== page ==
(Natural News) If you’ve ever had a strange desire to be watched around the clock and have pictures taken of you and your family even when you least expect it, fear not! Google has got your back!
Back in October of 2017, Google officially announced the launch of Google Clips, a constantly-watching camera that uses artificial intelligence to determine what moments in your everyday life would make a good picture. If the device concludes that something is picture-worthy, then it records a short clip for you – because apparently human beings are now too stupid to decide when to pull out their cameras and take a few snapshots on their own.
If you’re interested in Google Clips and don’t mind being watched for hours every day by a company that already has questionable ethics when it comes to privacy rights, then you can purchase one for $249.
In an article published by Navneet Alang of TheWeek.com in March, Alang asked, “Why is capturing more and more candid images good? It all proceeds on the assumption that the more things we record the better.” He added, “The idea of adding smart cameras, smart speakers, and more to our homes simply increases the sense that all moments are there for recording, and we’ve yet to grapple with not just what it means, but whether or not it’s desirable at all.”
Indeed, the question of whether or not we should be inviting such potentially-intrusive technology into our homes is one that millions of Americans across the country have been asking themselves all throughout the smartphone and smart device era. Many people are no doubt concerned that their privacy rights will be infringed upon, and that the recorded information (such as the clips taken by Google Clips) will be stored and abused. (Related: Android devices are secretly funneling your private location data to Google.)
For what it’s worth, Google has announced that the Google Clips camera can’t be used to spy on individuals who choose to install the device in their homes. “Google Clips is designed specifically with parents and pet owners in mind. It’s a camera and made to be used intentionally to capture more moments – seven-second clips – of the people that are important to you,” explained Google product manager Juston Payne in an interview with VentureBeat. Payne added that Google Clips “doesn’t work well as a ‘set it and forget device,’” and that it simply takes “clear and stable shots” of the people that you have taught it to record – people that “are familiar to you and are smiling.”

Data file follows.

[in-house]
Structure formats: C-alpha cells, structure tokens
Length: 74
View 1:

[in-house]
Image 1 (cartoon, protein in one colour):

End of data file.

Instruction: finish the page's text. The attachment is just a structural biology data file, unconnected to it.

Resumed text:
If Google didn’t have a history of collecting information without users’ knowledge or consent, then this statement from Juston Payne may very well have been enough to ease the nerves of those who are worried about their privacy rights being infringed upon. However, this is hardly the first time that technology developed by Google has been at the center of controversy. Last November, for instance, the Daily Mail published an article on how Google’s voice assistant is recording and storing your conversations that you have around your phone when you least expect it.
While it’s original purpose is to allow users to use voice commands to search the webs, launch apps and use other interactive functions, it has been revealed that Google keeps copies of clips each and every time you activate the voice assistant. Even background chatter could be enough to trigger this recording, meaning that Google may be storing information even when you don’t know it.
Google has got to do a better job at protecting the privacy rights of their customers; otherwise, the company will continue to find itself at the center of controversy.